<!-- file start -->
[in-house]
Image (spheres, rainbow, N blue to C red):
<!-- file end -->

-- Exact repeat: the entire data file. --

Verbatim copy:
[in-house]
Image (spheres, rainbow, N blue to C red):